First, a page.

- PP M: Polypropylene multifilament yarn
- PP F: Polypropylene fibrillated yarn, sometimes also called raffia
- PA: Polyamide
- PES: Polyester
- PE: Polyethylene
Polypropylene is a synthetic fiber, primarily used where durability and moisture resistance are required. Featuring outstanding weather resistance, it is both abrasion- and boil-resistant as well as rot-proof. In addition, the fiber is able to withstand acids and alkalis in lower concentrations.
Thanks to these properties, polypropylene is particularly suitable for hygiene-relevant applications, such as our egg conveyor belts and our elastic yarn designed for bundling and portioning in the food industry.
PP can take on many forms. ALATEX mainly processes multifilament (PP M) and fibrillated yarn (PP F), as well as bulked continuous filament (BCF) for filling sealing ropes.
Polyester is very elastic, wrinkle-resistant and dimensionally stable. The material develops electrostatic charge and features acid and abrasion resistance as well as high light and heat stability. It absorbs very little moisture, but is able to transport moisture easily. Due to its properties, we use polyester mainly to manufacture strapping band for securing cargo.
The fiber is obtained from the stems of the jute plant, a member of the linden family. As it is a natural fiber, it is completely biodegradable. It has a high water absorption capacity, while also being very robust with a low elasticity.
In the past, jute webbing was used on seat and backrest surfaces of upholstered furniture. Though there are alternative and more durable upholstery straps available today, ALATEX still offers jute webbing for antique seating to authentically reflect the charm of this furniture.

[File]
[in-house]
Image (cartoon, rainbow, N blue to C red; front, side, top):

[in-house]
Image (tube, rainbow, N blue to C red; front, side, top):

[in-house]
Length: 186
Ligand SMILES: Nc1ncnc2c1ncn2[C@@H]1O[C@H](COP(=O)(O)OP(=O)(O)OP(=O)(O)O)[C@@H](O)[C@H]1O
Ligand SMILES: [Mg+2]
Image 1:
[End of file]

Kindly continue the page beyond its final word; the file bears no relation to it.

The yarn count is also referred to as yarn strength or titer and is a feature of the fiber quality. The fineness of the yarn is based on its length and weight. To determine the count, the decitex (dtex) and denier (den) units are used.
1 dtex = 1 gram per 10,000 meters
1 den = 1 gram per 9,000 meters
Formula to convert dtex and den
dtex = den / 0.9
den = dtex x 0.9
Tenacity at break
In lifting technology and load securing, the breaking tenacity determines the maximum load bearing capacity of a strap before it breaks. We test our straps for each lot on their breaking tenacity. To determine the maximum load bearing capacity, we use the unit kilonewton (kN).
1 kN = 101.97 kg
As a rule of thumb, 1 kN corresponds to about 100 kg of maximum load.
Exposure to UV radiation has an effect on plastics. Depending on the duration of exposure to the sun, the intensity of the radiation, the temperature and other chemical and mechanical influences, plastic materials lose their color, stability or breaking tenacity. This may have serious consequences, especially for heavy-duty lifting straps on big bags.
To prevent the decomposition process caused by sunlight, our PP yarn is manufactured with a UV stabilization of 200 kilolangley (kLy).
Kilolangley is the unit used to measure the intensity of the solar radiation energy. UV radiation is measured globally on an annual level and visualized on charts. Webbing with a UV stabilization of 200 kLy should still have 50% of its original breaking tenacity after irradiation with the same 200 kLy sun intensity after one year according to the standard. In Central Europe we have solar radiation of 80 to 100 kLy, which means you are always on the safe side with yarn and webbing from ALATEX.